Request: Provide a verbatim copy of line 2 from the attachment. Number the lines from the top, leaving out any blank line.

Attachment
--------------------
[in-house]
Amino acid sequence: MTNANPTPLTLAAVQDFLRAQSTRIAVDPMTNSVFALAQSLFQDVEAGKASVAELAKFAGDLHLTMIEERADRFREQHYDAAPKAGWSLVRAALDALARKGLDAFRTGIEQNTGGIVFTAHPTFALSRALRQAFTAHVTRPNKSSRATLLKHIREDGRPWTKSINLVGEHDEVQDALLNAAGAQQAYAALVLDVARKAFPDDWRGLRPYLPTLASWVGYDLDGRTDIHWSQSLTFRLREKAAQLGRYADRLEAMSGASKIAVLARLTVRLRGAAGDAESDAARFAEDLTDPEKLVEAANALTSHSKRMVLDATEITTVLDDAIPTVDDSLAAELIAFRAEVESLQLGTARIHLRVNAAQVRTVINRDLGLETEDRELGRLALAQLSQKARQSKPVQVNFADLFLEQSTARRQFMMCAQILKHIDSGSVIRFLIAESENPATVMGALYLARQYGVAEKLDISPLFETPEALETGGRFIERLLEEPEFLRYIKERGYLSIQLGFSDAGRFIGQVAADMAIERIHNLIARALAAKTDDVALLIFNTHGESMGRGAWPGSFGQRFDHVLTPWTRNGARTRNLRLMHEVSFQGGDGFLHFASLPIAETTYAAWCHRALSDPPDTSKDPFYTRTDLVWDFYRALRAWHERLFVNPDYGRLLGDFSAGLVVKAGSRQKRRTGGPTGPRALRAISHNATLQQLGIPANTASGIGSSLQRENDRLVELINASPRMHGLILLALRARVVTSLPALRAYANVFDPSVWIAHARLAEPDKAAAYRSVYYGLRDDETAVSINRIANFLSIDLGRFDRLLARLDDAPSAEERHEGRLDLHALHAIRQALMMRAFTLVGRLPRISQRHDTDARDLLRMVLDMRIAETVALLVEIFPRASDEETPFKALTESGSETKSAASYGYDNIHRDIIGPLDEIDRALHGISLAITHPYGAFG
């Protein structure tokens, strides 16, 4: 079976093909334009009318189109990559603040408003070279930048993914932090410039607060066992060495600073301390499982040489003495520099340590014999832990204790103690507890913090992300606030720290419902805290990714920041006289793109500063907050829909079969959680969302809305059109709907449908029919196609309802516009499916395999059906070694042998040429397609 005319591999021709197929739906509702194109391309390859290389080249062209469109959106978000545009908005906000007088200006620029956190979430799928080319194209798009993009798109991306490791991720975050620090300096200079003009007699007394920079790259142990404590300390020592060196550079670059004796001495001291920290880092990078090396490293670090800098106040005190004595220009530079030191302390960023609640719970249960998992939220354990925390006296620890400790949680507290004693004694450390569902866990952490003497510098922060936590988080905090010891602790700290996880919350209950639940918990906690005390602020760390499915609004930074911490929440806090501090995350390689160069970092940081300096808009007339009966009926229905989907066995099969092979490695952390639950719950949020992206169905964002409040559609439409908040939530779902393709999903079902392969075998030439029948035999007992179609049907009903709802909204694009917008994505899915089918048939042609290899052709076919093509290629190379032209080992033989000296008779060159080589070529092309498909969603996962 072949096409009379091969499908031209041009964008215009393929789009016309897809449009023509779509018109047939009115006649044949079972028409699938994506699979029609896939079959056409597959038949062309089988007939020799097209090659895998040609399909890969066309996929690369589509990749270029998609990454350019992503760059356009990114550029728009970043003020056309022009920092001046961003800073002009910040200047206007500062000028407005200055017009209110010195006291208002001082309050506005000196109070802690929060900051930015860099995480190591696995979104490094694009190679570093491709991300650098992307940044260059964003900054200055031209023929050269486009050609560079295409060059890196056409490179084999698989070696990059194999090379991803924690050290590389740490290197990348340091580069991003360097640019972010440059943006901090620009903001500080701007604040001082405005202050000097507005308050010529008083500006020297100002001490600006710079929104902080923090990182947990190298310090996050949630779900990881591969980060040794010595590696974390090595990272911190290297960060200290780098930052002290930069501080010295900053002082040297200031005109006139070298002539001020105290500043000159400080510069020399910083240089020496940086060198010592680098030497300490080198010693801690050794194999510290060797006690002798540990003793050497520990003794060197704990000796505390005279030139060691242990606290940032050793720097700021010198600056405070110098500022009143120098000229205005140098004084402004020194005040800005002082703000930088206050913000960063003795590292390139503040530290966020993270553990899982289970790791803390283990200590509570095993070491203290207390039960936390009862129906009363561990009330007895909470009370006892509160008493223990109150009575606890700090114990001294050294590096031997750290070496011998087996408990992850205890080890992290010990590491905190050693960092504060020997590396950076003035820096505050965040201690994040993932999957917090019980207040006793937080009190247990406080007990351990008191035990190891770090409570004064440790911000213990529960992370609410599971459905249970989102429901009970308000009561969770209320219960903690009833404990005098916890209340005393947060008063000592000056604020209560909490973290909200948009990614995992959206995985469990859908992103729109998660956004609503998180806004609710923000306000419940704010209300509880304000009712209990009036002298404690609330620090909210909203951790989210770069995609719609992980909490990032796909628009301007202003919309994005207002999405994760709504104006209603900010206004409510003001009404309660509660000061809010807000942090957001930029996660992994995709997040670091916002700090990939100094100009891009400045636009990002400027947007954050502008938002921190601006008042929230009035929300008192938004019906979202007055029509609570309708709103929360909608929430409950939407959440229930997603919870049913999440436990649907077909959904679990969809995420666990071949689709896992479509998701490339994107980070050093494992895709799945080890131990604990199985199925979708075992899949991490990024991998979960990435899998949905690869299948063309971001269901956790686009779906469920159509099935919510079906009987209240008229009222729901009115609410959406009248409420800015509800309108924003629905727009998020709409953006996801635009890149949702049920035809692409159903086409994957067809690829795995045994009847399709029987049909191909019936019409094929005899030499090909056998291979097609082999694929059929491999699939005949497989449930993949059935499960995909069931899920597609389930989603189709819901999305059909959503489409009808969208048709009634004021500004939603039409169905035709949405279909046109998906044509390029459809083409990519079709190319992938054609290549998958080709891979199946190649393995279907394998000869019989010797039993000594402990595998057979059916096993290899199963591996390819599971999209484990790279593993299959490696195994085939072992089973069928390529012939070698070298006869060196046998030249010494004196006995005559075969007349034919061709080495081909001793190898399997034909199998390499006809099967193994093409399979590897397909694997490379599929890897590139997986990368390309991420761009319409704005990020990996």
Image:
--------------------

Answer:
Amino acid sequence: MTNANPTPLTLAAVQDFLRAQSTRIAVDPMTNSVFALAQSLFQDVEAGKASVAELAKFAGDLHLTMIEERADRFREQHYDAAPKAGWSLVRAALDALARKGLDAFRTGIEQNTGGIVFTAHPTFALSRALRQAFTAHVTRPNKSSRATLLKHIREDGRPWTKSINLVGEHDEVQDALLNAAGAQQAYAALVLDVARKAFPDDWRGLRPYLPTLASWVGYDLDGRTDIHWSQSLTFRLREKAAQLGRYADRLEAMSGASKIAVLARLTVRLRGAAGDAESDAARFAEDLTDPEKLVEAANALTSHSKRMVLDATEITTVLDDAIPTVDDSLAAELIAFRAEVESLQLGTARIHLRVNAAQVRTVINRDLGLETEDRELGRLALAQLSQKARQSKPVQVNFADLFLEQSTARRQFMMCAQILKHIDSGSVIRFLIAESENPATVMGALYLARQYGVAEKLDISPLFETPEALETGGRFIERLLEEPEFLRYIKERGYLSIQLGFSDAGRFIGQVAADMAIERIHNLIARALAAKTDDVALLIFNTHGESMGRGAWPGSFGQRFDHVLTPWTRNGARTRNLRLMHEVSFQGGDGFLHFASLPIAETTYAAWCHRALSDPPDTSKDPFYTRTDLVWDFYRALRAWHERLFVNPDYGRLLGDFSAGLVVKAGSRQKRRTGGPTGPRALRAISHNATLQQLGIPANTASGIGSSLQRENDRLVELINASPRMHGLILLALRARVVTSLPALRAYANVFDPSVWIAHARLAEPDKAAAYRSVYYGLRDDETAVSINRIANFLSIDLGRFDRLLARLDDAPSAEERHEGRLDLHALHAIRQALMMRAFTLVGRLPRISQRHDTDARDLLRMVLDMRIAETVALLVEIFPRASDEETPFKALTESGSETKSAASYGYDNIHRDIIGPLDEIDRALHGISLAITHPYGAFG